VenaCavaImagine walking around a beautiful winery in Mexico’s Guadalupe Valley. You look up to admire the interesting vaulted ceiling, only to realize it’s a little… different. What’s so unique? It has been made from salvaged discarded boats found at a nearby port.


You’ll find treasures like these boats all around the Vena Cava winery in Baja’s Gaudalupe Valley. Designed by architects Alejandro D’Acosta and Claudia Turrent, the winery is actually quite modern and sleek, according to NPR. This husband and wife team is known for their love of reclaimed materials and working them into upscale structures in an amazing way.


D’Acosta and Turrent acknowledge that designing a winery requires a balance between functional and beautiful. The winery needs all of the special equipment to create the wine, but it also needs to be designed in such a way that pleases the eye, attracts wine lovers and gets the attention of the public. They really want visitors to the winery to have a “memorable visual experience.”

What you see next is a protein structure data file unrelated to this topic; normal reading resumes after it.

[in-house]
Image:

The key thing to realize, however, is that even the reclaimed materials are functional in some way. For example, D’Acosta told NPR that old glass bottles are great for insulation, noting that they aren’t really any different from a double-paned window. Tires are naturally very strong and versatile, so when they remodeled another Mexican winery, they used over 20,000 tires to build the retention walls.


And the boats? The designers say boats make durable ceilings because they are already designed to be weatherproof and water-resistant. Genius.


We love that D’Acosta and Turrent understand the big picture when creating their designs. We can’t wait to take a visit south of the border to see their creation. And to drink some wine.